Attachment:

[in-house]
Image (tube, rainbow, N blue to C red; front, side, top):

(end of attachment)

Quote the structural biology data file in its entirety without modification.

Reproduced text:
[in-house]
Image (tube, rainbow, N blue to C red; front, side, top):